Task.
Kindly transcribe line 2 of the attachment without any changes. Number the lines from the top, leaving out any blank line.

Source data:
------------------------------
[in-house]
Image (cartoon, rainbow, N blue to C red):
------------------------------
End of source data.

Image (cartoon, rainbow, N blue to C red):